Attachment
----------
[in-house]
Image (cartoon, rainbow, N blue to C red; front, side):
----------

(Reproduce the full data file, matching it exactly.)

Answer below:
[in-house]
Image (cartoon, rainbow, N blue to C red; front, side):